Email etiquette refers to a set of dos and don’ts that are recommended by business and communication experts in response to the growing concern that people are not using email effectively or appropriately. Email etiquette offers some guidelines that all writers can use to facilitate better communication between themselves and their readers. The following guidelines are appropriate:
Wait until your email message is completed before writing the To: addresses. This will reduce the chances of prematurely sending an incomplete or hastily considered email.
Do not write in all capital letters. It is generally interpreted as SHOUTING.
Be concise. Most people don’t enjoy reading from a computer screen. State your point as quickly as possible. Be sure to include all the important facts, but be brief. If you must send a long message, use sub-topic headings within your message.
Use spell check. No one wants to guess what is being said, they want it spelled out for them (correctly).
Do not send mail to a group when it is not necessary. We all hate spam and being involved in a conversation that does not pertain to us feels like spam. Send messages to people who need to hear what you are saying.
Write the subject of the email in the subject line. Writing “Hey”, “Hi”, or “Important info” in a subject line will often times cause the recipient to pass it off as spam. Write single-subject email messages whever possible and stick to the subject of your message. If the subject changes, change the subject line.
Never send an email when angry. Email can be forwarded and there are no “take backs.” Email does not show subtleties of voice or body language. If you receive a message that makes you angry, do not under any circumstances respond immediately! Wait awhile to cool off, and if possible, meet and talk face-to-face. Assume good intentions on the part of the sender. Be responsive, not reactive. Keeping the focus on facts and substance and away from opinion and emotion promotes clearer understanding. Keep in mind that sometimes an alternative form of communication is more appropriate than email.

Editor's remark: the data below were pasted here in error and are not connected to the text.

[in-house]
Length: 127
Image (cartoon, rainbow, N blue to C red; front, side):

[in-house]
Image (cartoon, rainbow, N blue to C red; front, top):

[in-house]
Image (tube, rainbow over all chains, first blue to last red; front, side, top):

Do not assume that email you send to someone is private. People often forward messages and read over each other’s shoulders.
Do not forward email unless it is appropriate to do so. Although this is convenient, it is not always appropriate. If you are unsure, ask the sender before forwarding the message.
Be sure to include a signature. Signatures that have a full name, title, department, phone number, and email address are most useful.
Do not put something in an email message that you would not want read by everybody. Even when you are careful, email can be misdirected or forwarded by the recipient.
If you get someone else’s message, let the sender know.
When replying to a message, be sure to look at the list of recipients. Email replies may go to more people than you realize.